Conner painted a common scenario in care facilities when staffing is an issue.

“What happens on evening or night shift when some workers are no-show?” she asked. “In this scenario, there are two certified nursing assistants (CNAs) and one medication aid for 40 residents. Over half of the residents will need assistance getting ready for bed. During the night at least five will need assistance to the toilet. How long does it take to get someone ready for bed? Can a CNA assist several residents at a time, popping in and out of resident apartments? How long can a CNA leave someone on the toilet before dignity is compromised?”

With insufficient staffing, the role of the volunteer ombudsman becomes even more important.

The ombudsman works directly with the facility managers and staff to make sure the residents’ rights are respected and treated with dignity. Conner said the intent of the volunteer is not to get into an adversarial relationship with a facility’s staff, but to form a partnership to provide the best care for the residents.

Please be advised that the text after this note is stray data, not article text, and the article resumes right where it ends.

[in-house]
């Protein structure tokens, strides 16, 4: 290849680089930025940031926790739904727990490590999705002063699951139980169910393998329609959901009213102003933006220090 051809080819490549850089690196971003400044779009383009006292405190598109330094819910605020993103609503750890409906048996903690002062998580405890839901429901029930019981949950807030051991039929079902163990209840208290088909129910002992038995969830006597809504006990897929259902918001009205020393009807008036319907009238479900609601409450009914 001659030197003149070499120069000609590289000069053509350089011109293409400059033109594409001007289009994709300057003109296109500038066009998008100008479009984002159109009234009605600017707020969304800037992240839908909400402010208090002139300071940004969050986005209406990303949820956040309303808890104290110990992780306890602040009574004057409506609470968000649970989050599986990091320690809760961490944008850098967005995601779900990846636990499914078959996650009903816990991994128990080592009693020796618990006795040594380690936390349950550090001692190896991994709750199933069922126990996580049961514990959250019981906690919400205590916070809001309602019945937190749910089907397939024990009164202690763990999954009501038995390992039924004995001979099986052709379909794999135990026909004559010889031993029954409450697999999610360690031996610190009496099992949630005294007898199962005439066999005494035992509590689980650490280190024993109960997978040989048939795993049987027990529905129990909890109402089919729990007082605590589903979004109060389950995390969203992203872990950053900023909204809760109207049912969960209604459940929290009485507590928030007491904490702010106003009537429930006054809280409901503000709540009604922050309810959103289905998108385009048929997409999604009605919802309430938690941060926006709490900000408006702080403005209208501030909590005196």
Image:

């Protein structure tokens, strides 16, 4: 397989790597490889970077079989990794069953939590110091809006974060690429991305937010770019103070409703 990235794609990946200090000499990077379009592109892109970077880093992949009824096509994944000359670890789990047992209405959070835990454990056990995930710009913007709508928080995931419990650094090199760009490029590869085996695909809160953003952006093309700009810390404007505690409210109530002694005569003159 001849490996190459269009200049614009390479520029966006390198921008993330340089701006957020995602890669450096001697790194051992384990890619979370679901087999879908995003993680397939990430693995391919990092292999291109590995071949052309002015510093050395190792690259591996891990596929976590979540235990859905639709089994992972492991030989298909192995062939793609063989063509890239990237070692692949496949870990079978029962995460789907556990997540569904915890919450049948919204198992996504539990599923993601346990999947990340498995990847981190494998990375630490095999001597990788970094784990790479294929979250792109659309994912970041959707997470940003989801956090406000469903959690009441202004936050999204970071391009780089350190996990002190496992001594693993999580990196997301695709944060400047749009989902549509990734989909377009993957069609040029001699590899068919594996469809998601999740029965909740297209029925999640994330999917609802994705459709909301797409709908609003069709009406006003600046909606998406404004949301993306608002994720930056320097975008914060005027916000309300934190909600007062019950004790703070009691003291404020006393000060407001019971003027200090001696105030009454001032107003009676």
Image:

“We help caregivers do their best,” Conner said. “For me, dignity is foremost in what I hope to see in a long-term care home. For staff, the facility is where they go for work before returning home at the end of the day. The residents, however, live there full-time.”

Conner said that fact can sometimes be forgotten by staff, so she has facilitated “niceness lessons” for all staff to remind them of two things – first, their job is to serve the residents, and two, the facility is the residents’ home.

Conner said that without a volunteer ombudsman, many residents would keep their concerns to themselves out of fear of retaliation.

“They fear they will be kicked out, which they can’t be,” Conner siad. “But they can be shunned or treated rudely. And that’s not right.”